a step-up, step-down transformer having one winding placed in said AC line inbetween the unregulated and regulated portions of said line;
analog circuitry electrically connected to said unregulated portion of said AC line, said analog circuitry including circuit means for generating an internal reference voltage representing the desired voltage level for said AC line, said analog circuitry further including circuit means for comparing the voltage level sensed in said unregulated portion of said AC line with said internal reference voltage and for generating an error signal which represents the discrepancy between said internal reference voltage and said voltage sensed in said unregulated portion of said AC line;
digital control circuitry electrically connected to said analog circuitry for receiving said analog error signal and in response thereto generating a digital instruction which corresponds to a particular incremental correction voltage required to adjust said voltage of said AC line to said desired voltage level;
a segmented transformer having multiple taps configured thereon, one winding of said segmented transformer being electrically connected to said regulated portion of said AC line;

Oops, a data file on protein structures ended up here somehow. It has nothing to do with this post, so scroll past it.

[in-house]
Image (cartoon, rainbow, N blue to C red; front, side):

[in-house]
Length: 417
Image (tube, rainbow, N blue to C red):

an array of solid state switches, each of said switches being connected between a particular one of said taps on said segmented transformer and said digital control circuitry, said switches being selectively actuated by said digital instruction to make available a particular incremental correction voltage from said segmented transformer; and
polarity control circuitry electrically connected between said array of solid state switches and the other winding of said step-up, step-down transformer to receive said particular incremental correction voltage from said array and apply it to said other winding with the requisite polarity to obtain regulation.